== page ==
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The Alabama Drug Discovery Alliance is a collaboration between the University of Alabama at Birmingham and Southern Research Institute that aims to support the discovery and development of therapeutic molecules that address an unmet medical need. The alliance builds on the expertise present at both institutions and has the dedicated commitment of their respective technology transfer and intellectual property offices to guide any commercial opportunities that may arise from the supported efforts. Although most projects involve high throughput screening, projects at any stage in the drug discovery and development pathway are eligible for support. Irrespective of the target and stage of any project, well-functioning interdisciplinary teams are crucial to a project’s progress. These teams consist of investigators with a wide variety of expertise from both institutions to contribute to the program’s success.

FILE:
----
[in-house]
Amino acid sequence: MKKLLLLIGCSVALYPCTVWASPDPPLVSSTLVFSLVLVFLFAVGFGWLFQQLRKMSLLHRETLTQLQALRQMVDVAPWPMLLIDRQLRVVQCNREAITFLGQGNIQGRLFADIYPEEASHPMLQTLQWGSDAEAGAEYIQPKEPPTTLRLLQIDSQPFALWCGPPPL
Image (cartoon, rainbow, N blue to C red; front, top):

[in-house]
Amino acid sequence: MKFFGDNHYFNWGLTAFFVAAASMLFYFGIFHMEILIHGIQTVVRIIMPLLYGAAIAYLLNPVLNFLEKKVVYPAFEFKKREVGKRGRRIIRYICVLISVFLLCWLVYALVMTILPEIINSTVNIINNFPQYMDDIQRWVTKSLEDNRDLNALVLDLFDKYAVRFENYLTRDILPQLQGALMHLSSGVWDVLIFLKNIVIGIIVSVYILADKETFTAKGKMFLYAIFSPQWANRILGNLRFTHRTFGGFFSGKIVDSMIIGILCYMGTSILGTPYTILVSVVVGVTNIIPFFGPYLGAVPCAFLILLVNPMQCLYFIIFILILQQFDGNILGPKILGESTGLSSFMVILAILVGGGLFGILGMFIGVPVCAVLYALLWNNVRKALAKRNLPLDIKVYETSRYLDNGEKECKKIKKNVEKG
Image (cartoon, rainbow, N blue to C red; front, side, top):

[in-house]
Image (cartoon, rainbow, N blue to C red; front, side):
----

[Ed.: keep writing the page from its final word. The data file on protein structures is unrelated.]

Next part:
With pharmaceutical companies increasingly looking for druggable, promising targets as well as promising compounds to in-license, drug discovery in academia, research institutes and small biotechnology companies will become an increasingly important source of new therapeutics in the future. In fact, although the exact numbers differ, depending on the definition of the origin of a drug, it has been estimated that universities and biotechnology companies already account for about a quarter of all new drugs and about half of scientifically innovative drugs approved by the FDA, in particular those that address unmet medical needs (1,2). It is well-documented that the pharmaceutical industry’s productivity has been declining, for which several explanations have been offered, including increasing costs, institutional environments that are not conducive to creativity and innovation, pressures from shareholders that are not compatible with the long-term view that is necessary in drug discovery and development, and a shift from research and development to marketing, with a historical, although changing, focus on potential blockbuster drugs (3–5). Because of the high-risk nature of the basic research that is needed to support innovative drug discovery, pharmaceutical companies are reluctant to invest, but academia is a natural fit for these types of investigations (6), making partnerships between academia and industry a logical proposition. However, these partnerships are not always straightforward, due to a variety of reasons. For example, there is a disconnect between what the pharmaceutical industry and academia consider a validated target and a promising lead compound. For instance, publication of a new protein target and its role in disease in a high impact journal would be considered a great achievement in the academic world, whereas the pharmaceutical industry would consider it no more than a good start, with the ultimate validation being the existence of an effective, tolerated drug that manipulates its target in humans (7). In addition, if a compound demonstrates efficacy in an animal model of disease, an academician might consider it a promising lead compound, whereas a pharmaceutical company will examine the safety profile of the new compound, its composition of matter, the patent landscape for the intended indication and the potential market size, among others. These views lead to differences of opinion about the value of a novel target or compound, complicating negotiations between a university’s technology transfer office and a potential pharmaceutical partner (8). A related problem is the academic investigator’s need to rapidly publish to be considered for promotion, tenure and grant applications, whereas pharmaceutical companies would want to wait to disclose similar data in order to ensure a strong patent position. In addition, it is uncommon for academic investigators to have access to the knowledge and resources needed to bridge the gap between an interesting laboratory finding and a novel lead compound for the treatment of disease, so that (pre-)clinical proof of concept can be achieved (9). These reasons, in combination with the increased emphasis at the National Institutes of Health on translational science, prompted an increasing number of academic institutions to create drug discovery programs, using a variety of funding sources, infrastructure and operational procedures. The idea behind most, if not all, of these programs is to ‘de-risk’ the basic findings of the academic investigator and develop a molecule to a stage in the discovery and development pipeline that is mature enough to attract interest and investment of pharmaceutical partners. We herein describe one such drug discovery program, entitled the Alabama Drug Discovery Alliance (ADDA), which is a collaboration between the University of Alabama at Birmingham (UAB) and Southern Research Institute (SR), also located in Birmingham, Alabama. In addition to being an academic drug discovery program, it serves as an example of a public-private partnership, as SR is a not-for-profit organization that conducts basic and applied research in the areas of preclinical drug discovery and vaccine and drug development. We will discuss the infrastructure and operations we have put in place to ensure transparency, trust and productivity for selected drug discovery projects.